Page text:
Iran’s move to restrict internet access faces opposition
Controversial bill also seeks to criminalize production, distribution of VPNs which bypass internet filters
Iran has taken another step toward restricting internet access after the country’s parliament approved a bill that calls for banning popular social media messengers and replacing them with local versions.
The controversial bill termed ‘protecting the rights of users in cyberspace and organizing social media messengers,” also seeks to criminalize the production and distribution of virtual private networks (VPNs), which are used to bypass internet filters in Iran.
The bill is currently being reviewed by the parliament’s cultural commission, which will then send it to the Guardian Council, a top body empowered to vet legislation.
If the Guardian Council gives its nod to the bill, it will be implemented on an “experimental basis” for a stipulated period of time, according to the law.
The bill was approved by the conservative-controlled parliament on Wednesday 121-74, with lawmakers invoking Article 85 of the Iranian Constitution, which calls for establishing a specialized committee to review a bill, instead of putting it to vote, and then experimentally implementing it for 3-5 years.
In the last few days, as the parliamentary commission evaluates the bill, the issue has caught the imagination of people, with many journalists, activists, politicians, and entrepreneurs decrying it.
Those batting for the bill have sought to promote locally-made social media platforms in place of popular networks like Facebook, Twitter, and Instagram, which they say block “resistance content."
Reza Taghipour, a lawmaker from Tehran, in defense of the bill said local social media applications have shown “it is possible to rely on internal capacities,” as foreign messengers “earn money from the country but do not pay taxes here."
However, those opposing the measure, such as lawmakers Jalal Mahmoudzadeh and Ruhollah Hazratpour, believe it will cause “irreparable damage to the country’s economy and public relations."
Hazratpour, in his opposition to the bill, said it will “put millions of internet businesses in crisis,” adding that such “blind decisions” are “against the will of the people.”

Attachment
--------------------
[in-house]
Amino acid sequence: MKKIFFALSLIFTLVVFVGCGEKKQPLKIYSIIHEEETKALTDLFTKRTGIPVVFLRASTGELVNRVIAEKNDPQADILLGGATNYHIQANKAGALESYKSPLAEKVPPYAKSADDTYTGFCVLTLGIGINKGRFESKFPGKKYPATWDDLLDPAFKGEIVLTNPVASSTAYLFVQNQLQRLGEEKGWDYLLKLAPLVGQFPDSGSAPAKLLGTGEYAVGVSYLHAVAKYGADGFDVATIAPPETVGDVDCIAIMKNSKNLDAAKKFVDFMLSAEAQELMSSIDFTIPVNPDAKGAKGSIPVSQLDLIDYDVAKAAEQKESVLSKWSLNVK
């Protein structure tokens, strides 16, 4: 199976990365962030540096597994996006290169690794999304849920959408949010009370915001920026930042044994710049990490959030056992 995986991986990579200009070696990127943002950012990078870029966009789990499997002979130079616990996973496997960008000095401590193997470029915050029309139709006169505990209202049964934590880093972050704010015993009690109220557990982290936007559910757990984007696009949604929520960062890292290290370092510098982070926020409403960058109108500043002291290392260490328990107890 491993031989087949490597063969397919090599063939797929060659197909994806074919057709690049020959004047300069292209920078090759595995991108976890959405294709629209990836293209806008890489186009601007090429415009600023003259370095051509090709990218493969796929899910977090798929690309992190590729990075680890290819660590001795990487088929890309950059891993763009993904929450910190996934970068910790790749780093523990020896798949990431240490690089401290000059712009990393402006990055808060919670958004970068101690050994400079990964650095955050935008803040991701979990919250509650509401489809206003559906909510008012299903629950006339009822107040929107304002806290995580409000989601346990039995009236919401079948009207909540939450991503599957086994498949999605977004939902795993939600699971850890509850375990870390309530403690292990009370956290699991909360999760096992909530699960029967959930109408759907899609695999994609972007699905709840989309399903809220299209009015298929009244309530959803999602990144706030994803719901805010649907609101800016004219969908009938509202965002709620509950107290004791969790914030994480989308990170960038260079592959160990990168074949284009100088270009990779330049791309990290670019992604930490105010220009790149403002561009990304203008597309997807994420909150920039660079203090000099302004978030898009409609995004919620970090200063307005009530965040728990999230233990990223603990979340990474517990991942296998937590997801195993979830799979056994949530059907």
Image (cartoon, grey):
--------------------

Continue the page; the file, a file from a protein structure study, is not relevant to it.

Iran’s parliament head Baqar Qalibaf in a statement on Thursday, while lending support for the measure, said the review process will be “transparent and public."
His assurances, however, are not sufficient enough to pacify those who are opposed to the move.
Top reformist figure and grandson of the country’s founder, Hassan Khomeini, has criticized the plan, saying the main condition for the success of any law is “public consent.”
Mojtaba Tavangar, a lawmaker from northern Tabriz province, in a statement said the Guardian Council is “likely to oppose it,” while seeing the measure as a challenge for the new president, Ebrahim Raeisi.
The loudest resistance to the plan has, however, come from internet businesses whose work is directly tied to the internet and major social media networks.
Tehran’s e-commerce association, which consists of top local e-firms like Alibaba, Digi Kala, Bazaar Cafe, Divar, Aparat, Filimo, in a letter to the parliament head, expressed concern over the measure, which they said is “opposed to strategic policies of boosting production, facilitating business operations."
The head of Tehran’s e-tourism association, Hassan Taghizadeh, in a statement said more than 90% of tourism happens through cyberspace, fearing that the sector will be hit hard by the measure.
The outgoing minister of communications, Azari Jahromi, also shot a letter to the parliament head, saying the plan will “create a financial burden for the new government” and “put the government against people and businesses."
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